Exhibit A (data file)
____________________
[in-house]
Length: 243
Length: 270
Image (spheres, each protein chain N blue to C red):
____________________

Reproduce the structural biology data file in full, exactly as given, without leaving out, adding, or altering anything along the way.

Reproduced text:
[in-house]
Length: 243
Length: 270
Image (spheres, each protein chain N blue to C red):